Will I be able to file a NTO? If so, how?

2 weeks ago

I have a question about filing a NTO.

We are the 4th tier subcontractor for a job.

Owner, GC, Sub1, Sub2, then us Sub3.

Are we not able to file a NTO?

This a big job and we have already filed a NTO as a third tier sub, but they are adding subjobs under other subs and we are being pushed down the tier.

Thank you

Senior Legal Associate Levelset
136 reviews

Notice to Owner, like any preliminary notice, is valuable to start off work on the right foot. And, regardless of whether that Notice to Owner preserves any rights, it’s a good idea to send notice in order to keep others on the job informed of your work on the site. The mere act of sending notice will often keep payment issues at bay from the very start, as discussed here: Why You Should Send Preliminary Notice Even If It’s Not Required.

Further, as a quick note on vernacular: keep in mind that Notices to Owner are generally mailed by registered or certified mail with postage prepaid. The notices aren’t actually filed, and they don’t act as a payment claim themselves – really, they’re just informational pieces that also preserve rights later on. So, anyone who wants to send an NTO can send one. Whether that notice works to preserve lien rights is another question entirely.

With all of the above in mind, let’s look at the important question here: Who’s entitled to Florida mechanics lien rights?

Which subcontractors are entitled to Florida mechanics lien rights?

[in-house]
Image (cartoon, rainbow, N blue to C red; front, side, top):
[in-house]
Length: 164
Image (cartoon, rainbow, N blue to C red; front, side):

The definitions and text of the statute limit the tier of subcontractor that is entitled to file a lien.

§ 713.01(18) defines a lienor as:

(a) a contractor;
(b) subcontractor;
(c) sub-subcontractor;
(d) laborer;
(e) materialman hired by the owner, a contractor, a subcontractor, or a sub-subcontractor; or
(f) A professional lienor under s. 713.03; and who has a lien or prospective lien upon real property under this part, and includes his or her successor in interest.

It also states that “No other person may have a lien under this part.” Further, to be sure, a “sub-subcontractor” is limited to a party hired by a first-tier subcontractor.

So, if subcontractor C was hired by subcontractor B, and if subcontractor B was hired by subcontractor A, then subcontractor C won’t be entitled to file a valid and enforceable mechanics lien.

Will hiring a subcontractor to push other subs down a tier eliminate mechanics lien rights?

This question is very interesting, and it’s not a question directly addressed by the Florida mechanics lien statute. However, I’m skeptical that a sub could be hired to push other subs down a tier, thereby eliminating lien rights.

Tiers in Florida’s mechanics lien statute are largely based on who the claimant was hired by. And, even if some additional tiers are added to the middle of the payment chain during the life of the job, that won’t change the tier of a party who’s already providing work to the job. Though, if a separate agreement was entered into during the job, that could re-set tiers based on who is hiring who.

Additional resources on Florida mechanics lien rights and preliminary notices

I hope this was helpful. For more information on Florida’s mechanics lien and notice rules, these resources should be useful:

– Florida NTO Guide & FAQs
– Florida’s Notice to Owner – How To Prepare & Send Your NTO
– Florida Mechanics Lien Guide and FAQs

Disclaimer: The information presented here is not legal advice and should not be construed as such. Rather, this content is provided for informational purposes. Do not act on this information as if it is advice. Further, this post does not create any attorney-client relationship. If you do need legal advice, seek the help of a local attorney.
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